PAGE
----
Adding a RF antenna amplifier and operating this regen in oscillating mode, will this become an autodyne rx?

31st July 2011 16:56

Alan Yates wrote...


Quite often it is the carrier of an adjacent transmission. This is a particular problem on AM broadcast with 9 or 10 kHz heterodynes near the top of the passband caused by band crowding, especially at night when distant station signals get stronger.



25th July 2011 15:13

Bert wrote ...

From a lot of SW regen receivers that I have built, I heard a constant 5kHz sine wave. This happens with some but not all of the SW stations that I tune in. Actually I purposely design my low pass filter to have a corner frequency of 8kHz, hoping to improve the fidelity, reducing audio signal loss.

My question is, Is it typical to have a constant 5kHz sound coming out from a strong station? Why does it produce that kind of sound? Is it some kind of "pilot signal" as in FM radio?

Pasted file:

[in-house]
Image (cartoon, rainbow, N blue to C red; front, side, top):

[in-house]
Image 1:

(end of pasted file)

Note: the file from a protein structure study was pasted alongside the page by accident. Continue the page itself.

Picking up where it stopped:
10th January 2010 01:19

Pedro A wrote ...

A couple of weeks ago I was in Germany and bought the 'emitter follower' as a kit from It was fun to build and it is fun to operate. Slightly above oscilation, I'm able to use DReaM to listen to weaker AM and SSB stations :-) DRM should be possible for some stations which are near a strong AM station. The kit doesn't include a smaller variable capacitor for fine tuning and that is desperately needed fpr this. But what do you want for EUR 10.00 ?

23rd January 2009 00:57

Alan Yates wrote...


Injection locking is the tendency for an oscillator to capture an applied signal of similar frequency. Most oscillators will do this because of non-ideal behaviour of the circuit causing the applied reference signal to modulate the phase response of the circuit.